The Angel’s Bridge, located on Toome hill, was built in the 19th century and spans Lossi Street. The writing on the bridge, “otium reficit vires“ (rest restores strength), invites one to use Toome hill as a place of rejuvenation.
The bridge, designed by J.W. Krause, was built in 1814-1816 and replaced an earlier temporary bridge. The bridge was thoroughly renovated in 1913, at which time a bust-portrait of the university’s first rector, G. Fr. Parrot, and a dedication text, was placed on the bridge’s Toome Hill face (sculptor C. v. Wetter-Rosenthal). Toome Hill´s larger bridge is the yellow and white, classical style.
The name is thought to come from a linguistic twist - part of the hill is landscaped like an English garden and the words "English" (inglise) and Angel (ingel) are nearly the same in Estonian. Local tradition says that when crossing it, you should hold your breath and make a wish!
Reference: Tartu Tourism Information
Kristiansten Fortress was built to protect the city against attack from the east. Construction was finished in 1685. General Johan Caspar von Cicignon, who was chief inspector of kuks fortifications, was responsible for the new town plan of Trondheim after the great fire of 18 April 1681. He also made the plans for the construction of Kristiansten Fortress.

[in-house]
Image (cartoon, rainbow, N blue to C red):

The fortress was built during the period from 1682 to 1684 and strengthened to a complete defence fortification in 1691 by building an advanced post Kristiandsands bastion in the east and in 1695 with the now vanished Møllenberg skanse by the river Nidelven. These fortifications were encircled by a continuous palisade and thereby connected to the fortified city. In 1750 the fortress was modernized with new bastions and casemates to protect against mortar artillery.